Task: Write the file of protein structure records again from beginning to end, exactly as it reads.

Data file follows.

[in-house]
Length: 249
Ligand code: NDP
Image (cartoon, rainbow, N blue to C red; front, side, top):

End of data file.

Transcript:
[in-house]
Length: 249
Ligand code: NDP
Image (cartoon, rainbow, N blue to C red; front, side, top):